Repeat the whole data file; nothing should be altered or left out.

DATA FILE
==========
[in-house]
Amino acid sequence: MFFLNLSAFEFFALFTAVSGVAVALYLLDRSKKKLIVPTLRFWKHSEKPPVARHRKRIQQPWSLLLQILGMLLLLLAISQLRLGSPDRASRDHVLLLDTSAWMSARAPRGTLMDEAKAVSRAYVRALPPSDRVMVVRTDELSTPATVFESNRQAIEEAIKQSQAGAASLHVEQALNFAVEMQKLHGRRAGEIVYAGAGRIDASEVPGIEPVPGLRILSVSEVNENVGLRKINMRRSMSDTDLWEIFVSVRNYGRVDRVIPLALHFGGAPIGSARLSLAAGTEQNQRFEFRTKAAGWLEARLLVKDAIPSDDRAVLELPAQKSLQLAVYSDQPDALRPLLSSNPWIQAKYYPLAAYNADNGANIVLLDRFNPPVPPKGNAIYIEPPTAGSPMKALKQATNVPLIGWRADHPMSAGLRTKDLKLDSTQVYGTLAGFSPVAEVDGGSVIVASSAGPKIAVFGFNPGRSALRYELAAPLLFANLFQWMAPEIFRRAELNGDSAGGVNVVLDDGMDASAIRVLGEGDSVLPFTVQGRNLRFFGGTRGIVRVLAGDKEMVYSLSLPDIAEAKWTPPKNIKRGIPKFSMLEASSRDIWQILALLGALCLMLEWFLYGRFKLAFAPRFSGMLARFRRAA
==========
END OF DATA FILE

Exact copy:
[in-house]
Amino acid sequence: MFFLNLSAFEFFALFTAVSGVAVALYLLDRSKKKLIVPTLRFWKHSEKPPVARHRKRIQQPWSLLLQILGMLLLLLAISQLRLGSPDRASRDHVLLLDTSAWMSARAPRGTLMDEAKAVSRAYVRALPPSDRVMVVRTDELSTPATVFESNRQAIEEAIKQSQAGAASLHVEQALNFAVEMQKLHGRRAGEIVYAGAGRIDASEVPGIEPVPGLRILSVSEVNENVGLRKINMRRSMSDTDLWEIFVSVRNYGRVDRVIPLALHFGGAPIGSARLSLAAGTEQNQRFEFRTKAAGWLEARLLVKDAIPSDDRAVLELPAQKSLQLAVYSDQPDALRPLLSSNPWIQAKYYPLAAYNADNGANIVLLDRFNPPVPPKGNAIYIEPPTAGSPMKALKQATNVPLIGWRADHPMSAGLRTKDLKLDSTQVYGTLAGFSPVAEVDGGSVIVASSAGPKIAVFGFNPGRSALRYELAAPLLFANLFQWMAPEIFRRAELNGDSAGGVNVVLDDGMDASAIRVLGEGDSVLPFTVQGRNLRFFGGTRGIVRVLAGDKEMVYSLSLPDIAEAKWTPPKNIKRGIPKFSMLEASSRDIWQILALLGALCLMLEWFLYGRFKLAFAPRFSGMLARFRRAA